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Film Festival 2021 virtual, expects higher attendance than ever


With everything going virtual starting off 2021, the Las Cruces International Film Festival can brag that going virtual will be good for it this year.

“Doing it virtual this year, we feel like we can reach a bigger audience,” said executive director Ross Marks. “We are going with the Film Festival Flix, and they’re estimating we may get 50-60,000 viewers.”

While the festival has been growing yearly, it can’t match the attendance this screening platform provides, he said. The festival is in its sixth year and historically has been a regional event. The 2020 festival was attended by about 20,000 people.

“Now, because of this virtual platform, we have 38 countries participating, and the friends and families associated with all those films can watch,” Marks said.

One of the biggest complaints from past festivals is people can’t watch all the films they want to, he said. They have to make decisions and choices. The films get grouped in blocks, and the audience members must choose what they want to see. This year, those blocks will be broken separately and be “a lot more user friendly.”

While audiences will indeed be losing the communal experience and in person theater experience, there will be no viewing conflicts, he said.

"Last year we had half the films with cast and director Q and A,” Marks said. “This year, filmmakers will be active on social media and checking for communication. You don’t get direct interaction, but every filmmaker is going to be doing a Q and A this year.”

Awards, workshops and panels remain part of the event. This year, the Outstanding Entertainment Award will go to Peter Bogdonovich who Marks said is one of the pioneers of independent filmmaking in America. Marks will be hosting a Q and A session with Bogdonovich.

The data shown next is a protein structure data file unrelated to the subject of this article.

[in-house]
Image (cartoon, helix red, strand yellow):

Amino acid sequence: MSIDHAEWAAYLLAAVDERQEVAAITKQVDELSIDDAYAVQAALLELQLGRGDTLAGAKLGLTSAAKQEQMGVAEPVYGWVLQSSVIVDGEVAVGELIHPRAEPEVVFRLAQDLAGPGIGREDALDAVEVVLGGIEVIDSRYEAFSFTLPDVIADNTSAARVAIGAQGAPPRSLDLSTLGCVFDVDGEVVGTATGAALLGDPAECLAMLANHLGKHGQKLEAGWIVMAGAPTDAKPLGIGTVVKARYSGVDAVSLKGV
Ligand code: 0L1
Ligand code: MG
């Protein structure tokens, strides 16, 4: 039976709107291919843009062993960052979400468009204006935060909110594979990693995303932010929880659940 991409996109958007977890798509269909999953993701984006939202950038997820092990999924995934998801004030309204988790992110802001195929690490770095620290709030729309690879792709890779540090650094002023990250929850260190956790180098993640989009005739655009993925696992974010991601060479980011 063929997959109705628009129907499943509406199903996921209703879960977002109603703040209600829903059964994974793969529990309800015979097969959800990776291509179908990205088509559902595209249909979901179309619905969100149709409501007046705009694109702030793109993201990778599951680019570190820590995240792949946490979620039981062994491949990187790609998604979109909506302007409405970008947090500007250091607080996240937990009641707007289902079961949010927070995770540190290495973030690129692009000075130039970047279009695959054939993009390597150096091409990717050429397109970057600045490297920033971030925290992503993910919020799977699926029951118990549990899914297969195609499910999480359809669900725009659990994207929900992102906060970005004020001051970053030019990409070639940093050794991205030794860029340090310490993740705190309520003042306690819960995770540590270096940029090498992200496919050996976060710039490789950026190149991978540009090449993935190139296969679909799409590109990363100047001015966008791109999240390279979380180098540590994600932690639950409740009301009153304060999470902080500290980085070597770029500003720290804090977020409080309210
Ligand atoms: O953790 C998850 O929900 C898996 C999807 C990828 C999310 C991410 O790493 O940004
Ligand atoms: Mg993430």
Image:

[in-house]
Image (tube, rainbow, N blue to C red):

Judge Rheinold is receiving the Mark Medoff Legacy Award. He will be asked about his career, his films and much more.

In addition to the film screenings, there will be a virtual screenwriting panel, film promotion and marketing workshop, and a panel focusing on raising funds for films with leading experts in IndieGoGo and Kickstarter.

Also, as usual, local restaurant sponsors are participating, Marks said. Every evening, a local restaurant is going to host a screening and highlight a special dish which will be available at a discount for those in town for the events.

“We are lining up more [restaurants] every day,” Marks said. “This is a great way to showcase our local restaurants and showcase Las Cruces. The restaurants will have signature cocktails, including Salud, Amador, Andele’s, the Game, Lorenzo’s and La Posta. It’s a great way to make it interactive.”

As usual, the folks at the New Mexico State University Creative Media Institute, are organizing the festival.

“We had a class in the fall,” Marks, who is a professor for the program, said. “In film festival prep, students reviewed, selected and curated the films. In the spring, students and staff will put it all together.”

Jen Garcia serves as artistic director for the fourth year, Alfonso Moya is technical director and Matteo Isquierdo is operations manager.

“So, we have a small staff,” Marks said. “And to my knowledge, this is the biggest film festival put out by a university.”

While there is no specifically designed poster for the festival this year, Marks said they are setting up an online film festival store. Partnering with the Sports Festival Store, the 2021 logo design will be available on several different items, ranging from shirts to mugs.

“The nice thing about being online is people can watch the movies and browse a film-festival store,” he said.

As usual, there will be an opening feature for the event, this year it is “The Devil Has a Name” with Edward James Olmos, who also will do a Q and A with Marks following the movie.

The festival takes place March 3-7. Ticket prices are $8 for one film, $25 for one whole day and $75 for all days. So far, Marks said, there are 102 films on the list.

Info: lascrucesfilmfest.com.